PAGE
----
The Importance of Exfoliation

exfoliation
••• Microdermabrasion is an aggressive form of mechanical facial exfoliation. Getty Images: GregorBister

Exfoliation is the removal of the dead, keratinized skin cells sitting on the skin's surface, which leaves the skin smoother and fresher looking and makes it easier for expensive facial products like serums to penetrate the skin's surface.

It is an important part of both professional facials and body treatments, but exfoliation is also a double-edged sword. It is easy to overdo facial exfoliation, especially at home with overzealous scrubbing and cheap products like apricot kernel scrubs, because while the skin on the rest of your body can take more vigorous exfoliation more frequently, the face cannot.

Additionally, it's important to understand that there are two types of exfoliation: mechanical and chemical. Each of these comes with their own set of rules and guidelines to help people avoid damaging their skin while still taking proper care of their hygiene.

The Two Types of Exfoliation

There are two main types of exfoliation: mechanical and chemical. Mechanical exfoliation literally rubs the dead skin cells off with some kind of abrasive, including anything from jojoba beads to a diamond-tip microdermabrasion machine. Chemical exfoliation, on the other hand, uses acids including fruit enzymes and super-powerful facial peels to dissolve the glue-like substance that holds the cells together.

Examples of mechanical exfoliation include a salt glow, a body scrub that might use sugar or coffee grounds, or skin brushing. On the face, scrubs should use small, round, gentle abrasives like jojoba beads.

Additionally, you should stay away from something harsh like apricot scrubs, which can cause micro-tears in your skin. A more aggressive and effective approach to mechanical exfoliation is microdermabrasion, which uses small particles to rub against the skin, knocking dead cells lose faster without as much damage.

Enzymes, alphahydroxy acids (AHAs), or betahydroxy acids (BHAS) are used in chemical exfoliation treatments to loosen the glue-like substance that holds the cells together, allowing them to slough away. Facial peels are a form of chemical exfoliation, but chemical peels can either be very gentle or very aggressive, depending on how the strong the peel is. Body treatments might use mild chemical exfoliants like pineapple enzymes.

The Importance of Clearing Away Dead Skin

The skin is constantly generating new cells at the lower layer (the dermis) and sending them to the surface (the epidermis). As the cells rise to the surface they gradually die and become filled with keratin, which gives our skin its protective quality, but they are constantly sloughing off to make way for younger cells.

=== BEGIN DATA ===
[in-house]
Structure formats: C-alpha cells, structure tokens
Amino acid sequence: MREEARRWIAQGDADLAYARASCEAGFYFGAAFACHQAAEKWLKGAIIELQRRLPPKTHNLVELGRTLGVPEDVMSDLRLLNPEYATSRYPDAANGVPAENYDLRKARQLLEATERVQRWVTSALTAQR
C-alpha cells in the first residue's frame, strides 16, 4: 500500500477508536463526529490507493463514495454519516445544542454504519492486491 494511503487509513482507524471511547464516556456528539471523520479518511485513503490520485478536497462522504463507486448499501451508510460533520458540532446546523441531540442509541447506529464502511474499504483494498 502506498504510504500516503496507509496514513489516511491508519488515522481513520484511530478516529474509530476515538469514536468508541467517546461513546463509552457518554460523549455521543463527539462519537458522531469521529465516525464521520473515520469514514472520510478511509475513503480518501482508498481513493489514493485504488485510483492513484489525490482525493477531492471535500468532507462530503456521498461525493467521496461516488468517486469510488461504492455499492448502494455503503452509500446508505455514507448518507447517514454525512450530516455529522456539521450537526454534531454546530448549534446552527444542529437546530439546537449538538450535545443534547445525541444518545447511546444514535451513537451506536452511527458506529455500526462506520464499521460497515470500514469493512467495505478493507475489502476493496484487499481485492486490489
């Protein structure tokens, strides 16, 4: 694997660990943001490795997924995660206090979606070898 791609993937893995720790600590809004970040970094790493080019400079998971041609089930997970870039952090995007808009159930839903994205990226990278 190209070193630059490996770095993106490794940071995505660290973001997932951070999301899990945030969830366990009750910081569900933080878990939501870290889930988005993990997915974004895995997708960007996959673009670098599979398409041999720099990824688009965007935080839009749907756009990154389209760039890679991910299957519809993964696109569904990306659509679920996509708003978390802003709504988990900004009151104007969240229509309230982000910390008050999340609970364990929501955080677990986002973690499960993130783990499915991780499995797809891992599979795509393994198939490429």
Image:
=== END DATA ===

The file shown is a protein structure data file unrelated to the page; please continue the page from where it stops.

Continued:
As we age the process of cell turnover slows down, and cells start to pile up unevenly on the skin's surface, giving it a dry, rough, dull appearance. Exfoliation is beneficial because it removes those cells that are clinging on, revealing the fresher, younger skin cells below.

If your facial skin has a dull, pasty look, as it often does in older people who don't exfoliate, a treatment routine that emphasizes gentle exfoliation will make you look younger.

On the other hand, if a cloud of white particles fly into the air when you peel off your jeans, you might need a full body scrub to refresh all of your skin.

The Dangers of Over-Exfoliations

If you exfoliate your face too much, your skin can become sensitized, making it prone to redness and irritation instead of smooth and even-toned like you might have originally desired. Essentially, instead of taking care of your skin, you can make it much worse.

You have to be careful about exposing yourself to the sun after you exfoliate, especially if you get an aggressive chemical facial peel at the spa, and you should talk to a good esthetician about the product and frequency that is best for your skin, especially if you have sensitive or aging skin.

Another issue with exfoliants that has an impact on the environment is the presence of microbeads in many facial and body scrubs that are cheap for manufacturers to use but wash down the drain, pass unfiltered through sewage treatment plants, and make their way into rivers and canals, where fish may eat them.

All companies stopped using microbeads in their products in July 2017, according to federal law, but there are also plenty of exfoliants that never used microbeads.

If you're getting a facial peel, you should wait a considerable amount of time before scheduling your next appointment as you are removing an entire layer of skin protecting the dermis. Additionally, you should never wax after you get a peel as you can easily scrape or break the skin, causing it to expose raw, living tissue that will have to scab over to heal.